Previously, he was a small-business reporter at the Wall Street Journal, covering technology, entrepreneurship and franchising. He has written for Worth magazine, Barron's, The Washington Post, The Tennessean and the New Jersey Law Journal. He has also contributed to The Wall Street Journal CompleteMoney & Investing Guidebook and The Wall Street Journal Complete Real-Estate Investing Guidebook.
Mr. Flandez constantly seeks new ways to show the news in formats that are interactive. Many of his stories include multimedia elements, from videos, graphics and slideshows to audio presentations, podcasts and other social-network tools, such as Storify and Twitter.
In the past year, he has written about the Komen, Penn State, NPR and "Three Cups of Tea" controversies, with fresh angles that illuminate the troubles these nonprofits face. He was among the first to report on the burgeoning entrepreneurial scene in New Orleans post-Katrina, and the innovative ways small-business owners were surviving the recession through the use of various tech tools.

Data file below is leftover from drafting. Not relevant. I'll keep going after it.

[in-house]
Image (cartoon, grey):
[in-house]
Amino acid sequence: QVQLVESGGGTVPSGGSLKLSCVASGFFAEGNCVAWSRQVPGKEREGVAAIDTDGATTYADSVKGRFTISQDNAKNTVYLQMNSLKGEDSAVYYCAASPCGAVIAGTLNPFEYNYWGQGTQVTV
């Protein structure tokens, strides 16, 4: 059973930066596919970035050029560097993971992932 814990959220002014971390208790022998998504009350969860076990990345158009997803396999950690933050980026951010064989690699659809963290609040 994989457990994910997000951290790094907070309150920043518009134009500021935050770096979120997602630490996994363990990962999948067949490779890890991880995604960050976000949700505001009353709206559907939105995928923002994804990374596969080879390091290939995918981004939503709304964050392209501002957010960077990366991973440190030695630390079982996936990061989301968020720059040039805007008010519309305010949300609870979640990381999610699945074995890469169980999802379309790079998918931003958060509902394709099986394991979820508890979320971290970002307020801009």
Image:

Mr. Flandez also writes personality-driven trend stories and quirky features, such as the blind community's hatred of hybrid cars, the successful efforts of the Movember group to make the mustache the symbol for men's health, and the crazy search for the next Journey frontman on YouTube.
In 2012, he was a fellow at the Wharton Seminar for Business Journalists in Philadelphia and a fellow in the Asian American Journalist Association's Executive Leadership Program in New York. In 2009, Mr. Flandez was a fellow for the Peter Jennings Project for Journalists and the Constitution.